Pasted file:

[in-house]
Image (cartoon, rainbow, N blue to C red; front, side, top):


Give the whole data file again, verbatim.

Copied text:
[in-house]
Image (cartoon, rainbow, N blue to C red; front, side, top):